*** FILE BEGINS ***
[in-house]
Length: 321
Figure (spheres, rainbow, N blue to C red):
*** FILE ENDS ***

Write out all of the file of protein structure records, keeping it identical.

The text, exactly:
[in-house]
Length: 321
Figure (spheres, rainbow, N blue to C red):